Ramonita Vargas is the heart of the Spanish American Committee (SAC), a 56-year-old nonprofit organization that is Ohio’s first and largest Hispanic social service agency. Vargas has been CEO since 2010. She is the longest-serving CEO in SAC’s history.
Next April, Vargas will celebrate 40 years with SAC. Her accounting and organizational skills, plus her passion for her heritage and work, took her to the top. She inherited a nonprofit that was $200,000 in debt and whose reputation was far from pristine. Now, she guides a $1.1 million budget for a respected agency. More than anything, Vargas says she thinks she has been successful because she understands and knows the agency from the ground up.
“I grew up poor, and my mother raised seven children by herself in a two-bedroom house,” she says. “I know what it is like to be hungry, to go to school without proper clothes.”
During her involvement with SAC, Vargas has seen waves of seemingly overwhelming need. One occurred in the early 1980s when Cuban revolutionary and politician Fidel Castro released thousands of emigrants, many of whom fled to America. A number of them included people from prisons.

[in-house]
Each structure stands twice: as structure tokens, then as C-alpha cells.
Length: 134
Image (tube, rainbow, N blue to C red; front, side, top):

“We had a lobby full of Cubans who didn’t know where they were going or what they were going to do,” recalls Vargas.
SAC also provided aid to 2,960 evacuees after Hurricane Maria hit Puerto Rico in 2017, and a year later another 500 families whose lives were devastated by earthquakes. Today, the agency serves all of Latin America. Most individuals and families who come for help do not speak English and require immediate assistance with housing, employment and basic necessities.
“We are a surviving organization,” says Vargas proudly, noting that SAC serves more than 5,000 individuals annually. “Many times we didn’t have the funding to have enough staff to service all of the people who walked through our doors. But we never turned anyone away. At the moment, we have homeless issues, senior issues, people who want to work but who must learn English first.”
Among SAC’s newest projects is the Latino Construction Program, which partners with trade unions, associations, builders and other players to provide training and jobs for Hispanic workers. The collaboration also helps lessen the significant labor shortage in the building industry.
“I am not going to be here much longer. I need to plan what I am going to do with the next chapter of my life,” says Vargas, who looks forward to more jazzercise and walking time. “But I know the committee will always be here if there is a need. I don’t know where the Hispanic community would go if we weren’t open.”